Director – Roy Del Ruth, Screenplay – Harold Medford & James R. Webb, Based on the Short Story The Murders in the Rue Morgue by Edgar Allan Poe, Producer – Henry Blanke, Photography (3-D) – J. Peverell Marley, Music – David Buttolph, Ape – Charles Gemora, Art Direction – Bertram Tuttle. Production Company – Warner Bros
Karl Malden (Dr Marais), Steve Forrest (Professor Paul Dupin), Claude Dauphin (Inspector Bonnard), Patricia Medina (Jeanette Rovere), Allyn McLerie (Yvonne), Anthony Caruso (Jacques), Veola Vonn (Arlette), Dolores Donn (Camille), Merv Griffin (Georges Brevert), Paul Richards (Rene), Rolphe Sedan (LeBon)
Paris around the turn of the 20th Century. Inspector Bonnard of the gendarmerie is baffled by a series of murders wherein women are found in locked apartments, having been killed by someone of ferocious strength. Witnesses all describe someone speaking in a different language. After evidence is found linking him, psychology professor Paul Dupin is blamed for the killings and arrested. The actual person behind the murders is the zookeeper Dr Marais who has trained an ape to kill by locating the sounds of bracelets with bells on that he gives to his victims, all women who have rejected his advances. With Dupin imprisoned, Marais now sets his eyes on his fiancee Jeanette.
The original 3D fad began in 1952. One of the biggest successes amongst this was Warner Brothers’ House of Wax (1953) with Vincent Price, which remade the classic 1930s horror film Mystery of the Wax Museum (1933) in 3D. Warner Brothers tried to duplicate the same success with Phantom of the Rue Morgue, which likewise remade another 1930s horror film, Murders in the Rue Morgue (1932), in 3D but failed to have the same hit a second time.
The original Edgar Allan Poe story The Murders in the Rue Morgue (1841) concerns the murder of a woman in a locked room, which is discovered to have been caused by an escaped razor-wielding orang-utan that had been the pet of a sailor. There is no intent of murder upon the sailor’s part in the original story, although the sailor we have here is swarthy and of sullen disposition and is shown killing a former acquaintance in one scene. Several other elements from the Poe story have been incorporated into the film – the witnesses who all think they hear the murderer talking in a different language, the victim’s body found stuffed up a fireplace in a locked room. We also get an appearance from Auguste Dupin, Poe’s investigator who is credited with being the first private detective in fiction – while this Dupin does do some investigating, the character is now substantially rewritten as a psychologist who ends up being falsely arrested as the killer through an improbably contrived series of events.
Needless to say, the film elaborates considerably on the story, adding more murders and Karl Malden as a mad Pavlovian zookeeper behind it all. This version is certainly closer to the story than the 1932 film. It does pay homage to the 1932 film, including recreating the stylised rooftop sets that the ape escapes across, one of the distinctive elements of that film, and somewhat follows the 1932 film’s plot of a mad zookeeper who sets his eyes on the hero’s fianc’. On the other hand, this version is sadly bereft of the gleeful stew of mad scientists and demented hypnotists that pop up there and in other versions of the story. Karl Malden’s customary pug-nosed overacting is laughably out of place in the role of the mad zookeeper.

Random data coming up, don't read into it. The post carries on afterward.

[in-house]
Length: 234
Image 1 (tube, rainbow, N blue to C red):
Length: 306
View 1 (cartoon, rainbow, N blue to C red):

Phantom of the Rue Morgue proves to be rather dull. Director Roy Del Ruth shoves numerous pop-up 3D effects out into the audience’s face with crude abandon – women screaming into the camera, a knife thrower throwing knives, a snarling ape, a dead body, a trampolinist and even one of the Flying Zacchinis trapeze artists. Charles Gemora, the makeup artist who became famous for playing apes during this era (and indeed also played the ape in the 1932 film) lurks about in a gorilla suit. Characteristic of almost any B movie featuring an ape, the climax involves the gorilla abducting the heroine, before it is shot down.
Director Roy Del Ruth was a prolific director of crime dramas and musicals since the silent era. His other genre films include the light fantasy ghost comedy Topper Returns (1941) and the mad scientist cheapie The Alligator People (1959). The film also holds a subsequent fascination due to its featuring later-to-be talkshow host and gameshow producing legend Merv Griffin as a medical student who is briefly suspected of the killings.
Other versions of The Murders in the Rue Morgue:– Other versions of the Edgar Allan Poe story are:– Murders in the Rue Morgue (1932) with Bela Lugosi as a mad scientist conducting evolutionary experiments by injecting abducted women with gorilla blood, Murders in the Rue Morgue (1971) with Jason Robards and Herbert Lom concerning a series of murders taking place around a turn of the century play adaptation of the story, and the tv movie Murders in the Rue Morgue (1986) with George C. Scott as Dupin, which is the most accurate film adaptation of the story to date.